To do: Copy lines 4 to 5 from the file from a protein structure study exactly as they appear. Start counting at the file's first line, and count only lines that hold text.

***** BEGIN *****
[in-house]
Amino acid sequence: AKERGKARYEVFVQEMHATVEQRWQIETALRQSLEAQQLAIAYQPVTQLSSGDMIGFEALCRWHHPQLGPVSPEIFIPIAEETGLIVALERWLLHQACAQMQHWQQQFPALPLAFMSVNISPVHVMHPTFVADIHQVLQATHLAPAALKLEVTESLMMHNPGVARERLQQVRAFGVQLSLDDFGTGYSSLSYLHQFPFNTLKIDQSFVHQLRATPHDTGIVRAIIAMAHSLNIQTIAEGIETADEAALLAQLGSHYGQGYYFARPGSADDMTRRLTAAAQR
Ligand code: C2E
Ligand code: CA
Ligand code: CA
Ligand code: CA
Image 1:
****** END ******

Ligand code: CA
Ligand code: CA